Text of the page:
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Fifth Circuit to Decide Scope of the National Security Exemption Under Title VII

Title VII of the Civil Rights Act of 1964 contains a national security exemption, which prohibits any discrimination claim based on the denial or revocation of a security clearance.  The rationale for this exemption is that the federal agencies should not be required to defend the basis for security classification decisions in court.  The Supreme Court later expanded the national security exemption to other cases involving federal government employees in Department of the Navy v. Egan, 484 U.S. 518 (1988)

The Fifth Circuit will soon decide a case involving the FBI and the national security exemption, Bobbi-Anne Toy v. Eric Holder, No. 12-20471.  The author is counsel for the plaintiff, Ms. Toy.  The case was argued on April 2, 2013.

Ms. Toy worked as a civilian contractor at the FBI’s Beaumont regional office.  She applied for a position as an FBI employee and received a conditional offer of employment.  However, Ms. Toy had an ongoing series of incidents with the head of the Beaumont regional office.  On July 13, 2004, based on information supplied by head of the Beaumont regional office, Ms. Toy’s direct supervisor in Houston canceled Ms. Toy’s building access and purported to revoke her security clearance. Once this happened, the company for which Ms. Toy worked had no choice but to terminate her.

Ms. Toy initiated an EEO proceeding at the FBI on the day when she was terminated, alleging gender discrimination.  FBI personnel subsequently gave negative references in connection with Ms. Toy’s conditional job offer. The FBI withdrew the conditional job offer on the basis of those references.  Ms. Toy subsequently added a retaliation claim.

In fact, the FBI personnel in Houston and Beaumont had no authority to revoke Ms. Toy’s security clearance.  The FBI has an extensive set of procedures for the revocation of security clearances, and none of those procedures were ever invoked.  Instead, Ms. Toy’s top-secret security clearance remained intact and apparently remains in full force and effect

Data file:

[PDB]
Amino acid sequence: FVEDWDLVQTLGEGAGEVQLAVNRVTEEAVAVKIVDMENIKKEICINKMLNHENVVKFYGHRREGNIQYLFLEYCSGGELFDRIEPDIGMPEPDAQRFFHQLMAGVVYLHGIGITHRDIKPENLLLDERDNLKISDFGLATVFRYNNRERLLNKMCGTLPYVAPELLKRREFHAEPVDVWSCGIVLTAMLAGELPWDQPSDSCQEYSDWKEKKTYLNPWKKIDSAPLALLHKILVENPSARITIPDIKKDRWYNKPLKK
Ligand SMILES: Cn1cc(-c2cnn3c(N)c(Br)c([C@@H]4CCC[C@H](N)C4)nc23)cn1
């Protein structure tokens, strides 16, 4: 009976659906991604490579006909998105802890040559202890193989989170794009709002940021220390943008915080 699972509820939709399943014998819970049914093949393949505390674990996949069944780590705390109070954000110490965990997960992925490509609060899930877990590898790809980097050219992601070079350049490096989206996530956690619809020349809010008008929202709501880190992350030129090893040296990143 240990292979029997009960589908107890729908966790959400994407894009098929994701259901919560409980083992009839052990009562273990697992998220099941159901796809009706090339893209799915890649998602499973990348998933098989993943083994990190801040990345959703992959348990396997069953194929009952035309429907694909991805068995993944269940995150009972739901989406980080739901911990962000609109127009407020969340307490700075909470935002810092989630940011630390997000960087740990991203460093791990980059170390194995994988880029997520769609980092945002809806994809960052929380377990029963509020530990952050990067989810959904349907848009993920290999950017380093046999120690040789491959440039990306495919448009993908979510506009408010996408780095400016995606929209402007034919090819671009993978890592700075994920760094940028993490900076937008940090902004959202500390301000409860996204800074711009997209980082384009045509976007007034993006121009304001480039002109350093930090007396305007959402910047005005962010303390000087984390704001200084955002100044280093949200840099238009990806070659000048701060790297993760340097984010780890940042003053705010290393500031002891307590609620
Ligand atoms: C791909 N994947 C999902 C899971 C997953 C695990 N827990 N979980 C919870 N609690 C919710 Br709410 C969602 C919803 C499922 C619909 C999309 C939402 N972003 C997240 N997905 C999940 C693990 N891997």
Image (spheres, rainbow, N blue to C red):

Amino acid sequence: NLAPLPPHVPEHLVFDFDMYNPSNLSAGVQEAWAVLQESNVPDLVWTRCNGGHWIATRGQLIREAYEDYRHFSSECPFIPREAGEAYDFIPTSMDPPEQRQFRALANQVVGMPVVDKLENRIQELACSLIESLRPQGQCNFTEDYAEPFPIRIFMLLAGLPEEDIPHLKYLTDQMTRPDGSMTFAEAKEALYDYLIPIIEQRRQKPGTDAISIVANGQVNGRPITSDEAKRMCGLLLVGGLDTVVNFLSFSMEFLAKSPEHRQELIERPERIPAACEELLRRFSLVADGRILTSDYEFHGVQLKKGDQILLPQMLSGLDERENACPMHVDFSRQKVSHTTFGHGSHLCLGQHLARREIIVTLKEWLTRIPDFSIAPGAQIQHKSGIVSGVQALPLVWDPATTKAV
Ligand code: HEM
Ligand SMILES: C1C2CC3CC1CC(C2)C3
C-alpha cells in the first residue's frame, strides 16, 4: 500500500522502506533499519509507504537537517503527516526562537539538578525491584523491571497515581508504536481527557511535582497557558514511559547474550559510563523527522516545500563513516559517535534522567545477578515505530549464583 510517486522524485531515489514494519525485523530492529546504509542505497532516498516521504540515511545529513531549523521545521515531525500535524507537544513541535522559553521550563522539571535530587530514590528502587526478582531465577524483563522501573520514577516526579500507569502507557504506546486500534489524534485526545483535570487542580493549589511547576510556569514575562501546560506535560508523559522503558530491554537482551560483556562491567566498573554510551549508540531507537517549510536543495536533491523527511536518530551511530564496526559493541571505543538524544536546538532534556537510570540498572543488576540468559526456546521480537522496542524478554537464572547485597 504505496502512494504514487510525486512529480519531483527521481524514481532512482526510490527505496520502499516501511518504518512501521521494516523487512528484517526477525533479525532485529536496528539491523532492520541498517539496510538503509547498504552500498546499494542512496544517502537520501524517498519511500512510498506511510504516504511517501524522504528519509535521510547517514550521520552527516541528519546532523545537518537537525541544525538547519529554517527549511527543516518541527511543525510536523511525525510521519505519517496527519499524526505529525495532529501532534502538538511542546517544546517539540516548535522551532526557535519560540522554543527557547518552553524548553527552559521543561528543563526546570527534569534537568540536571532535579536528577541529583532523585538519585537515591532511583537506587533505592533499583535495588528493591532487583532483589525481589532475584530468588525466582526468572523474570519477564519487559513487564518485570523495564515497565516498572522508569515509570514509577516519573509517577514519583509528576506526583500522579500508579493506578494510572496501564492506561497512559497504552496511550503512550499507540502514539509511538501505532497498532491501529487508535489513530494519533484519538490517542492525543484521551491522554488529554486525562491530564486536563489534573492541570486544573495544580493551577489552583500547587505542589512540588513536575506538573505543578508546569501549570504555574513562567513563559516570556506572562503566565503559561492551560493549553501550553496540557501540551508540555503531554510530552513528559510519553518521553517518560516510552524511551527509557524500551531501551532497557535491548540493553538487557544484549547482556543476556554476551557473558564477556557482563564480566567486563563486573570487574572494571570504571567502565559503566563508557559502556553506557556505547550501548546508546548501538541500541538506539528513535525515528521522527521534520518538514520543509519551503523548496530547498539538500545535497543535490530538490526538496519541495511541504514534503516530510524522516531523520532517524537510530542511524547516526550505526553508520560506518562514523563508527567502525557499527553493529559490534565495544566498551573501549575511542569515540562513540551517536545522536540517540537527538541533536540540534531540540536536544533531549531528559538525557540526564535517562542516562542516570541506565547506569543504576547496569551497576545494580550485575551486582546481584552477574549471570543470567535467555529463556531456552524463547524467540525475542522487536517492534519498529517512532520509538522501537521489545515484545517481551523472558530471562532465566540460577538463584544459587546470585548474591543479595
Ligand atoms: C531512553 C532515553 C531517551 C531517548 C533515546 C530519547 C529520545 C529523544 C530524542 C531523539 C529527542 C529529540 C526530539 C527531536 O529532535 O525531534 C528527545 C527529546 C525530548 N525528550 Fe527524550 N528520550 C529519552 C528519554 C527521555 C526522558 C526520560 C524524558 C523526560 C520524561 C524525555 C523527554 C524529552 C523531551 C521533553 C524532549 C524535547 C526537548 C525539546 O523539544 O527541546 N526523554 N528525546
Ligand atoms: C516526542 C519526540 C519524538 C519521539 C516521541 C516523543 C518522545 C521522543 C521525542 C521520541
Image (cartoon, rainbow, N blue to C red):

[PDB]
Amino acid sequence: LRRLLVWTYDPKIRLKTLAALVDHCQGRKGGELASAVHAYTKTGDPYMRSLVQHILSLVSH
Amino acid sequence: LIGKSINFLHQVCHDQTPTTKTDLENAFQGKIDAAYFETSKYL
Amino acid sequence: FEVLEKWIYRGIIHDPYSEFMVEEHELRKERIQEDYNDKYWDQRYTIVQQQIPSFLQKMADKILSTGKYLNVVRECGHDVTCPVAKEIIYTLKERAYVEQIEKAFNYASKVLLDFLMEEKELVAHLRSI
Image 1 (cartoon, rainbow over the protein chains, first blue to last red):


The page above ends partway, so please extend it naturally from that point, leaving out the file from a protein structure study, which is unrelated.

today.  In fact, FBI witnesses acknowledged that the only thing that was ever revoked was her building access.

Nonetheless, the FBI invoked the national security exemption to Title VII and Egan, and moved to dismiss the lawsuit.  The district court agreed and dismissed the case.  Ms. Toy appealed that ruling to the Fifth Circuit.

Around the same time, the District of Columbia Circuit decided a case that was similar in some respects.  Rattigan v. Holder, 689 F.3d 764 (D.C. Cir. 2012).  The Rattigan court rejected the notion that the "security" concerns on the part of lower level employees (such as the supervisors in Ms. Toy's case) implicate Egan.  Instead, the "predictive judgments" that fall within the scope of Egan and the national security exemption are the province of the FBI’s Security Division. The court stated:

In other words, employees outside the Security Division are expected to refrain from making sensitive, predictive judgments and it is "not their place" to make the kinds of decisions that Egan shields from review.  Given this, and for the reasons set forth in our earlier opinion, we adhere to our holding that Egan's absolute bar on judicial review covers only security clearance-related decisions made by trained Security Division personnel and does not preclude all review of decisions by other FBI employees who merely report security concerns.

689 F.3d at 768.  The District of Columbia Circuit denied rehearing en banc. Shortly before the oral argument in Ms. Toy's case, the deadline for the filing of a petition for certiorari in the Supreme Court expired.  The Solicitor General did not seek review in the Supreme Court.

At the oral argument on April 2, 2013 (which can be found by going to this page and searching for Case No. 12-20471), counsel for the FBI argued that Rattigan was wrongly decided and that the Fifth Circuit should create a circuit split.  The case is now awaiting decision by the Fifth Circuit.  The briefs are attached.

Brief of Appellant

Brief of Appellee

Reply Brief of Appellant

David C. Holmes is a Houston employment lawyer with The Law Offices of David C. Holmes